Gilmore, the new Republican National Committee chairman, restated his desire Wednesday that one of the candidates withdraw from the top race, ending an already fractious intraparty contest. Both men could then seek spots on the GOP's November ticket -- one running for governor, one seeking re-election.

"I would love to find a way to present a unified ticket this fall," Gilmore said.

"The Democrats are running a multimillionaire. He has a lot of money but he's not very long on government experience."

Northern Virginia telecommunications tycoon Mark R. Warner is thus far unchallenged in the June 12 Democratic primary.

Gilmore said he offered neither Earley nor Hager inducements to back off, and he has not publicly stated a preference that one or the other step aside. Gilmore is barred by the state constitution from seeking re-election.

Earley's campaign had no immediate comment about Hager's decision.

A spokeswoman for the governor said Gilmore planned no statement on Hager's announcement, either.

Hager, 64, said people have underestimated him since polio confined him to a wheelchair 25 years ago, and that those pressuring him to abandon his race were making the same mistake now.

The full text of the article, of which the above paragraphs are an extract, can be found at http://www.pilotonline.com/news/nw0201hag.html

See also:
NewsBites 24th June 2000: 1st of 3 candidates to officially announce Lt. Gov. makes bid for office formal.
NewsBites 6th November 1997: USA - "Polio" in Chair Wins VA Lt. Gov. Election.

Notification of the above news items was received via NewsIndex http://www.newsindex.com/

[ Index ]

1st February 2001
Polio Virus Eradication: Polio eradication award for Harshwardhan.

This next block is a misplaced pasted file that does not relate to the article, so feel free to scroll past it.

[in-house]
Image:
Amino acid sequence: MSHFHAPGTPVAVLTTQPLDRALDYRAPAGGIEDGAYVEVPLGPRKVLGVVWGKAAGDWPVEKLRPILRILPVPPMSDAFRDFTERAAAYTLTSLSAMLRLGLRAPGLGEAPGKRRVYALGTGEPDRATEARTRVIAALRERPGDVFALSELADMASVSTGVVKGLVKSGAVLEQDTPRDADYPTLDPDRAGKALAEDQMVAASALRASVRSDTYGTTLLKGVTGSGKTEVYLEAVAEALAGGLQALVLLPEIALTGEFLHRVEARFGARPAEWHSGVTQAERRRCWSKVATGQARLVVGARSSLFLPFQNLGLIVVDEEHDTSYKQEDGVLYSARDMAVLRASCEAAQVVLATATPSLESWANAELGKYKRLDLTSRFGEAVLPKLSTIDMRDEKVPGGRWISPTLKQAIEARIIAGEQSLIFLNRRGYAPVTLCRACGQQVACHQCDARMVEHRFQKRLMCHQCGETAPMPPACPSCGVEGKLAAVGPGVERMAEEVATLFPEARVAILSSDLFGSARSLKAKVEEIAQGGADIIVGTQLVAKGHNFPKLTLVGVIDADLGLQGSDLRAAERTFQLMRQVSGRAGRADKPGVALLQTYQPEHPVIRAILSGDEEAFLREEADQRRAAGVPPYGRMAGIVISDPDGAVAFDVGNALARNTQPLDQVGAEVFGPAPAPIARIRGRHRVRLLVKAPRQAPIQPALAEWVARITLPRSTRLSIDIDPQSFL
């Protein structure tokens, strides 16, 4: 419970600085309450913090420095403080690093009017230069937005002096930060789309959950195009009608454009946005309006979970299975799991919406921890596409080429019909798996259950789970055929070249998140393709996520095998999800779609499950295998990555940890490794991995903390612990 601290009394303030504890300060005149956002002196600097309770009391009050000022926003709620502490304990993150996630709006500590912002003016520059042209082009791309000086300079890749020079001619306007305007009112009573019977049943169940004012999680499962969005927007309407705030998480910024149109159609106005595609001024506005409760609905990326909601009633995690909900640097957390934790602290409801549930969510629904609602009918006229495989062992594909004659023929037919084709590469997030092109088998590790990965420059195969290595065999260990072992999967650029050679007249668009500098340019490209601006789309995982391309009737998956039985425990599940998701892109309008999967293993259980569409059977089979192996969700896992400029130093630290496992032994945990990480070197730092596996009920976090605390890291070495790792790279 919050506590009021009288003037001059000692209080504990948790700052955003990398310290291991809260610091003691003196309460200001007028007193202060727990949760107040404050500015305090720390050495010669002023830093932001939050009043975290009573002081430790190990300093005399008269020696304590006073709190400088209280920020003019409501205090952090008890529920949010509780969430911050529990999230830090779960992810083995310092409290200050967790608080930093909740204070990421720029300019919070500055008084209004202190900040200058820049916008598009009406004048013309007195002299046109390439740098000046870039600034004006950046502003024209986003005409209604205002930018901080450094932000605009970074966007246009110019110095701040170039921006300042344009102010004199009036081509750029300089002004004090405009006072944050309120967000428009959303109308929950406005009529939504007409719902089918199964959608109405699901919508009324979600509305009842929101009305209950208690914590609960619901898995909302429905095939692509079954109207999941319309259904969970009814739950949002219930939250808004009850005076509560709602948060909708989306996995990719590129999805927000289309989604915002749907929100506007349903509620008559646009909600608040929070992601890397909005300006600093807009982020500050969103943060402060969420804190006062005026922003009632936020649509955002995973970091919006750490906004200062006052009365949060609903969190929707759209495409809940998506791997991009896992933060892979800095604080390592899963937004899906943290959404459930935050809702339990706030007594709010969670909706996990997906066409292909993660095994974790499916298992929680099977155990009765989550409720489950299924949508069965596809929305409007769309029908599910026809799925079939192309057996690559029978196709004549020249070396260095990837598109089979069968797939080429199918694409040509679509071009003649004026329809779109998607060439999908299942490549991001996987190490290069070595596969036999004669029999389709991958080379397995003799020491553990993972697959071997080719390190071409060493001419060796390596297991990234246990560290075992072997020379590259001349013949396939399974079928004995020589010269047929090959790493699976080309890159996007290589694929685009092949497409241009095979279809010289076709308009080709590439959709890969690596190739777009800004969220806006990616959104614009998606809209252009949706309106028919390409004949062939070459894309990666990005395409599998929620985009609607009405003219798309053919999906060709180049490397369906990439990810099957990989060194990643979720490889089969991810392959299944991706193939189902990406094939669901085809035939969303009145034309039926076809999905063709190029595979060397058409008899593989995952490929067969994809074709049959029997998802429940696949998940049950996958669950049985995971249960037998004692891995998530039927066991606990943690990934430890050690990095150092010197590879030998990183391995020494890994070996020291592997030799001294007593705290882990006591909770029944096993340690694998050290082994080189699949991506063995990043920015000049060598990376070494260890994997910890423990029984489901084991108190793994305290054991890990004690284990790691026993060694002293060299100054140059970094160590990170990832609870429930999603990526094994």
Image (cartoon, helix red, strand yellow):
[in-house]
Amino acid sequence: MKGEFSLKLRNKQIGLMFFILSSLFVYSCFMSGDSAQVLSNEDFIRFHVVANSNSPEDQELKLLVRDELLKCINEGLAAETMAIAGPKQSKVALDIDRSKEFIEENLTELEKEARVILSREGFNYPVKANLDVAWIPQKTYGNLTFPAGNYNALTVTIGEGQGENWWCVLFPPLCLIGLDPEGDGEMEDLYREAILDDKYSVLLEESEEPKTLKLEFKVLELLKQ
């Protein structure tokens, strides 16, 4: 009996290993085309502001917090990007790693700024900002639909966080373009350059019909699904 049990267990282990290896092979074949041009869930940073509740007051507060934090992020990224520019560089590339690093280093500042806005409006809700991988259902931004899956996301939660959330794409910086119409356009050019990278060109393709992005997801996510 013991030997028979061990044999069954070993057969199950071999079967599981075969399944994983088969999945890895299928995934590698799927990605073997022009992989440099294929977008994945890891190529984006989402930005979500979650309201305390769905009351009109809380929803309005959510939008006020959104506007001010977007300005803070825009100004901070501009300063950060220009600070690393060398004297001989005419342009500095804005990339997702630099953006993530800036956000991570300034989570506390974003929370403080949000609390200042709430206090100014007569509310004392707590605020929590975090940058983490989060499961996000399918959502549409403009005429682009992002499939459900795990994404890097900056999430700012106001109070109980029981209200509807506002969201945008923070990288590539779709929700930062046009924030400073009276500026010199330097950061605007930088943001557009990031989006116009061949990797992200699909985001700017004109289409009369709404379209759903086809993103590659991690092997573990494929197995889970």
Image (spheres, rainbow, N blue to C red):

The India Times (http://www.indiatimes.com/) reported from New Delhi:

Former Delhi health minister Dr Harshwardhan has been given the 'polio eradication champion' award. The Prime Minister conferred this award on him on Tuesday. He lauded his efforts for eradicating the dreaded disease and said that people involved in polio eradication programme should work in such a way that they get good results.

While receiving the award, Dr Harshwardhan said it was the joint effort of thousands of people from across the country that made this programme a success and made polio-free India a reality. They included government officials, doctors, even school children also contributed in polio eradication programme.

He added that if all went well, by 2005, polio would be completely uprooted from the country.

The 'polio eradication champion' award was started in 1995 by the Rotary International to encourage people who are involved in the polio eradication drive and have done exemplary work, said Sudarshan Agarwal, member, Human Rights Commission. He also informed that it was quite a prestigious award and earlier, Bill Clinton and former prime Minister of Britain John Major had also received this award.

The full text of the article can be found at http://www.indiatimes.com/nbtit/01indi5.htm

For Polio virus eradication and vaccine related resources see our directory Polio Virus, Vaccine and Eradication

[ Index ]

DATELINE
27th February 2001
"Bradman hailed for polio cure."
*
23rd February 2001
Polio Virus Eradication: Egypt appears close to wiping out scourge of polio.
*
21st February 2001
Personal Medical Record Privacy to be Compromised by UK Government.
*
11th February 2001
Health On the Net Foundation (HON) February-March 2001 Survey.
*
4th February 2001
Item 1
Polio Survivors in the News: Polio Survivor sues City of New York.
Item 2
Polio Survivors in the News: Hager will ''keep on truckin' '' for governor bid.
*
1st February 2001
Polio Virus Eradication: Polio eradication award for Harshwardhan.
*
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Document preparation: Chris Salter, Original Think-tank, Cornwall, United Kingdom.
Primary Document Reference: <URL:http://www.ott.zynet.co.uk/polio/lincolnshire/archive/nbit200102.html>
Alternate Document Reference: <URL:http://www.zynet.co.uk/ott/polio/lincolnshire/archive/nbit200102.html>